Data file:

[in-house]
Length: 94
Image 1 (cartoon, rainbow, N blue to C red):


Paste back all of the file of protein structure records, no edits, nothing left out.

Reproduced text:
[in-house]
Length: 94
Image 1 (cartoon, rainbow, N blue to C red):